“Interpretations of Oakland” (2006)
Jon Laidacker composes pictures within pictures to depict Pittsburgh’s own Fred Rogers and the multifaceted history of Oakland above 3609 Forbes Avenue.
“Squirrel Convergence” (2006)
Mary Tremonte combines swirling squirrels with whimsical postage stamps depicting Lawrenceville’s most recognizable features at 3816 Butler Street.
“A Tribute to Herbert Douglas” (2006)
Heather White memorializes Hazelwood native and Olympic bronze medalist Herbert Douglas through larger-than-life newsprint at the corner of Second Avenue and Tecumseh Street.
“Urban Paradise” (2006)
Gregg Valley creates a sense of hope and renewal within a harsh urban environment at 1410 Fifth Avenue in Uptown.
“Yesterday’s Tomorrow” (2006)
Brian Holderman captures the excitement of Downtown and reflects the busy, frenzied scenes of the Cultural District at 7th & Liberty Avenues.
Community Murals 2007
“Allentown Stories” (2007)
Lucas Stock celebrates the history of Allentown at 803 East Warrington Street through recreations of photographs from the area’s past painted on a building that houses a childcare center and apartments for the elderly.
Gerry Tonti draws tourists and locals away from the majestic Grandview Overlook to find more beauty in the heart of Mt. Washington’s business district at 131 Shiloh Street.
“Bridging the Generations of Bloomfield” (2007)
Monika McAndrew showcases old and new residents of Bloomfield, Pittsburgh’s “Little Italy,” on the side of an iconic neighborhood drug store at 4727 Liberty Avenue.
“Trainscape: Community and Industry” (2007)
Anthony Purcell echoes Swissvale’s railroad heritage while showing the contemporary neighborhood in bright, vivid colors at 7400 Church Street.
“Urban Flora” (2007)
Katherine Young assembles autumn-hued birds, bare trees, and elegant flora along Shadyside’s main drag at 5442 Walnut Street.
“What A View” (2007)
David and Fran Hawbaker evoke the history of the Observatory Hill neighborhood and inspire connection to the community at 4061 Perrysville Avenue.
Community Murals 2008
“Carrick Above Us” (2008)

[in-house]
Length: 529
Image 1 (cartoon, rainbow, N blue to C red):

Phil Seth evokes Carrick’s landmarks and symbolic ties to its namesake town in Ireland at 1917 Brownsville Road.
“The Night Garden” (2008)
Jill Fisher and Katherine Young capture Sheraden’s visual beauty with a color theory-inspired nighttime garden scene at 634 Hillsboro Avenue.
“Summer Harvest Goddess” (2008)
Carolyn Kelly references the South Side farmer’s market with a site-specific mural at 1812 East Carson Street, where the weekly market takes place.
Community Murals 2009
“Good Morning” (2009)
Jeff Shreckengost invites visitors to 1748 Chislett Street to peek at the hidden treasures of small-but-vibrant Morningside.
“Our Time” (2009)
Ian Thomas based his work at 563 Greenfield Avenue on the abstraction of a lunch pail, a symbol of labor that resonated with Greenfield residents.
“Thoughts on a Blue Sky” (2009)
John Pena invites the viewer into the composition, making the thought balloons in the mural at 3613 Penn Avenue in Lawrenceville become the thoughts of the viewer.
“troy loves hill” (2009)
Carolyn Kelly captures Troy Hill’s Germanic roots using leaves and branches to represent different aspects of the area’s past at 1705 Lowrie Street.
Community Murals 2010
Brian Holderman returns to 745 Penn Avenue, the site of his 2003 Wilkinsburg mural, with Jesse Best to reinterpret and expand the mural near a parklet into a much larger work and statement about environmental issues.
“America’s Home Town” (2010)
Diane Adams pays tribute at 5023 Noblestown Road to the service of local heroes and the history of Oakdale, a close-knit community of quiet beauty.
“Open Heaven Open Sky” (2010)
Gabe Felice echoes Uptown’s vibrant positive transformation through lively, abstract imagery at 2106 Forbes Avenue that appeals to nearby highway motorists and urban gardeners alike.
“The Strip Mural” (2010)
Carley Parrish and Shannon Pultz capture the energy and history of one of Pittsburgh’s oldest, most vibrant neighborhoods at 1907 Penn Avenue in the Strip District.
“Windows to the Future…” (2010)
Berry Breene represents Trafford, one of the nation’s oldest planned communities, where many Westinghouse Corporation employees resided, worked, and spent their free time with her mural at 425 Cavitt Avenue.